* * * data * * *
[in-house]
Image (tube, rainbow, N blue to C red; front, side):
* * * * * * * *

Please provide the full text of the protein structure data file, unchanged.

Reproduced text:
[in-house]
Image (tube, rainbow, N blue to C red; front, side):